Wildlife officials warn of moose around Jackson Hole homes

A moose moves through vegetation along the North Fork of the Shoshone River, just east of Yellowstone National Park.

A moose moves through vegetation along the North Fork of the Shoshone River, just east of Yellowstone National Park.

Wyoming Game and Fish officials are asking residents in the Jackson and Wilson areas to be mindful of moose that may be traveling through residential areas this time of year. The Jackson Game and Fish office has received a number of calls from concerned citizens about moose near developed areas.

“We typically get a number of moose calls this time of year because it’s the breeding season and the bulls are covering a lot of ground in pursuit of cows and they tend to rub their antlers on whatever they can find,” said Jackson Wildlife Biologist Aly Courtemanch. “Consequently, we get reports of moose with a variety of things wrapped around their antlers, everything from fencing to Christmas lights to hammocks and so on. Unfortunately, these situations can lead to serious injury, or even death, for the animal.” Wildlife officials are asking residents to be aware of this possibility and remove anything on their property that animals may become entangled in.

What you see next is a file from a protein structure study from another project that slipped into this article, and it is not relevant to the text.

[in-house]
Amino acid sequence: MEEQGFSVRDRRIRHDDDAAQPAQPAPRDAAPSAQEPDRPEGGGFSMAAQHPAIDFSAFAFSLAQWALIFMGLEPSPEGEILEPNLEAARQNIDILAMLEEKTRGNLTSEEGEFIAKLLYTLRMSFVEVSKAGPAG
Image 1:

Also, it is recommended that people keep their distance from these animals as they can become agitated and defensive during the breeding season, according to a statement released by the agency’s public affairs office.

“Generally, these animals are not going to pose a threat to anyone as long as we give them their space and control our pets,” said Courtemanch. “However, if an animal is charging people or posing a threat, we want to know about it and will respond to those situations to ensure both human safety and the animal’s safety.”

Wildlife officials acknowledge that wildlife, such as moose, can be potentially dangerous and offer these tips to avoid a conflict:

  • Be especially watchful during times of low light. Moose can be difficult to see at night.
  • Look for tracks or other signs of moose on trails, pathways, or around houses.
  • Never crowd an animal or surround it.
  • Always allow an animal an escape route.
  • Always control pets while walking them and make sure there are no wildlife around before letting animals out of the house.
  • View and photograph animals from a distance.
  • Avoid feeding wildlife as it often attracts wildlife into conflict situations.

Similarly, Game and Fish officials are also asking area motorists to be wary and exhibit patience to avoid collisions with wildlife.

“Wildlife are regularly crossing area roadways and can be especially hard to see in low light situations,” says Courtemanch. “We really need to slow down and give ourselves plenty of braking distance.”

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